Andor S1E10: One Way Out

If Andor has a thesis statement, I would argue that it’s contained within this episode (and then explicitly underscored in “Rix Road”). When you are trapped in an oppressive system, one that thrives on the false belief that compliance will save you, you have, as the title goes and as Kino says until it becomes a refrain, “one way out.” You have to fight it. 

The escape itself is frantic, chaotic, with faces (if not always explicitly the names) we know well from the past two episodes getting gunned down, and gunfights in the sterile halls of the prison. Serkis’ Kino survives through random chance when the guards activate the floor only to have it short circuit as it makes contact with the water from the line Cassian and his chief co-conspirator have sawed through. Given that Kino starts the day by saying, “play it how you want, but I’m going to assume I’m already dead and go from there” it’s a wonderful bit of irony, and Serkis’ portrayal of the shock at having survived transforming to the realization that they have neutralized the prison’s main weapon against them and can now capitalize on it is as he leads the floor in an attack is one of those high-emotion performances that you can’t help but watch with your heart in your throat.

I think this episode also underscores who Cassian himself actually is. He is the mastermind of this plan—in the previous episode, we saw him and his main other conspirator discuss how the lift between the guard station and the factory floor isn’t electrified. He presses Kino for information about the prison’s functions and the guard’s behaviors. He chooses the day. 
But he doesn’t lead the attack. He’s an integral piece of it (he’s the first prisoner to handle a blaster and shoot a guard with it, he leads Kino to the control room) but it’s Kino who gives commands, and it’s Kino that Cassian gives control of the PA to in order to rally the entire prison to the escape. Kino ultimately speaks a mix of his own words and Cassian’s own from the antechamber, but it’s his voice that steers the prisoners in their rebellion and escape.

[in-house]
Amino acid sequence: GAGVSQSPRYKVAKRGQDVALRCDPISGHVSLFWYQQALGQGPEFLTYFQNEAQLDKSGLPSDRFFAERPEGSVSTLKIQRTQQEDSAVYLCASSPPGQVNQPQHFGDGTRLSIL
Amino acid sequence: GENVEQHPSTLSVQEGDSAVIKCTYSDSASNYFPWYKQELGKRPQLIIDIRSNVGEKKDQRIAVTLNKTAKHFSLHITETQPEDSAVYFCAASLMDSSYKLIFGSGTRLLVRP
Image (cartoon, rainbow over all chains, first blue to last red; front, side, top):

Things are only slightly less tense on Coruscant, even though we only have about three scenes there. Mon Mothma meets with Davo Sculdun, the Chandrilan banker she deems a “thug.” It’s a wonderful little scene, with Davo directly taking on his lack of standing in polite society compared to Mon, ultimately conditioning his loan to her on his son and her daughter being placed into an arranged marriage, similar to Mon’s own (unhappy) marriage to Perrin. Especially as he starts the meeting with assurances that, despite his unsavory reputation, she’s not diminished by taking his money, there’s an irony here of doing exactly what Mon expects of him—essentially forcing her to trade him a personal favor rather than money. She dismisses him immediately and ends the meeting, declaring she’s not considering it, which he marks as her only lie (although, given that she told him all the money was for a charity, it’s maybe the first lie she wants him to believe). Genevieve Reilly’s face says everything as she’s left alone. She’s been adamant that it was too far, but it’s also clear to me that she’s not so much considering the offer as reflecting whether she’s really willing to go that far for the rebellion.

One man who knows exactly how far he’ll go is Luthen, who explains as much in his scene with ISB Supervisor Lonni Jung, here revealed to be a Rebel, planted in the ISB by Luthen to filter information to him. Luthen coldly decides to sacrifice Anto Kreegyr and his band of 50 people to maintain Lonni’s cover, then forces Lonni to remain at the ISB. There’s some interesting choices here by Skarsgård—he’s clearly checking a subordinate attempting to defect, so his voice drips with disdain, but his rhetoric is soaring: “Your investment in the rebellion is epic […] We need heroes, Lonni, and here you are” he says. Kreegyr and his band are being sacrificed to keep Lonni and his new daughter alive.